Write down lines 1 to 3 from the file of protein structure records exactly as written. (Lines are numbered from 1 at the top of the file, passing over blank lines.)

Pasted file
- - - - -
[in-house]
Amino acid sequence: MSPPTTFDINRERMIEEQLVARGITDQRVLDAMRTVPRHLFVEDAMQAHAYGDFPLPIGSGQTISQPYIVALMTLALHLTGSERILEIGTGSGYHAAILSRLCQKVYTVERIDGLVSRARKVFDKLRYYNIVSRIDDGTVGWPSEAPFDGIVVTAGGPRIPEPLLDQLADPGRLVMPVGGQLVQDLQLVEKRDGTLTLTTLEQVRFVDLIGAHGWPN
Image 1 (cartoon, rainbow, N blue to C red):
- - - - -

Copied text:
[in-house]
Amino acid sequence: MSPPTTFDINRERMIEEQLVARGITDQRVLDAMRTVPRHLFVEDAMQAHAYGDFPLPIGSGQTISQPYIVALMTLALHLTGSERILEIGTGSGYHAAILSRLCQKVYTVERIDGLVSRARKVFDKLRYYNIVSRIDDGTVGWPSEAPFDGIVVTAGGPRIPEPLLDQLADPGRLVMPVGGQLVQDLQLVEKRDGTLTLTTLEQVRFVDLIGAHGWPN
Image 1 (cartoon, rainbow, N blue to C red):